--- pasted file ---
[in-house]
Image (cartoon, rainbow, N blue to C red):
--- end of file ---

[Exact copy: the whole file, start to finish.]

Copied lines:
[in-house]
Image (cartoon, rainbow, N blue to C red):